An important part of the research planning process is the development of a data management plan that specifies how data will be recorded, organized, and analyzed. This plan begins with the research proposal, specifying the research question, hypotheses, and design. These plans will also translate to the data analysis section under methods in a research report. It is not unusual for these plans to change once the project is under way, but nothing should begin without a firm plan in place. This planning requires knowledge of statistical programs, data coding and format requirements. The purpose of this appendix is to describe the process of data management. SPSS will be used to illustrate the process, consistent with the presentation of statistical output throughout the text.
Confidentiality and Security
The research proposal will include a plan for handling data, including maintaining confidentiality of participant information. All subjects should be assigned a unique ID number that is not related to their name, medical unit number, Social Security number, or other personal identifier. Documents for data collection should include the subject ID only. A list of subject names, addresses or phone numbers and corresponding ID codes can be kept separate from other files in case participants need to be contacted.
As part of informed consent, subjects should be assured that their personal information, data from medical records, and data collected as part of the project will be accessed only as necessary for research. The institutional review board (IRB) that approves the project will want to know the type of data to be collected, the purposes for which the data will be used now and in the future, who will have access to records, and what safeguards have been put in place for security and confidentiality (see Chapter 7). Many countries have regulations in place that define these standards. In the United States, these are part of the Privacy Rule of the Health Insurance Portability and Accountability Act (HIPAA),1,2 and the Common Rule.3 In Canada, they are incorporated into the Tri-Council Policy Statement: Ethical Conduct for Research Involving Humans.4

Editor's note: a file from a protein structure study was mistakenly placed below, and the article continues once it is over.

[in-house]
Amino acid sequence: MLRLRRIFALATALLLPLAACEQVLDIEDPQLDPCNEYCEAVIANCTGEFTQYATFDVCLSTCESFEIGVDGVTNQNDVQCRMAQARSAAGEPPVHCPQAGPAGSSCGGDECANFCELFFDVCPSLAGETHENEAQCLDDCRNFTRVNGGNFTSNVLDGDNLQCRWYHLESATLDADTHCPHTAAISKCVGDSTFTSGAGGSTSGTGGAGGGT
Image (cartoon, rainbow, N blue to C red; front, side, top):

Monitoring Subject Participation
Throughout the project, researchers should have procedures in place to keep accurate and complete records of participants’ involvement. Records should indicate how many participants were recruited and why some were not eligible, how many agreed to participate, and how many eventually did participate. Attrition should be monitored and reasons obtained. Initial group assignments and deviations from these assignments should be documented. This information is relevant to the validity of the project and will be important if the researcher wants to complete an intention to treat analysis. This information should also be accurately reported in a flow diagram, including reasons for drop-outs (see Chapter 15).
Depending on the type ...